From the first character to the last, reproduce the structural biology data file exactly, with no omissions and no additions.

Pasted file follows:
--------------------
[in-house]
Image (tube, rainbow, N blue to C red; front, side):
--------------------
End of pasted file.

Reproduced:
[in-house]
Image (tube, rainbow, N blue to C red; front, side):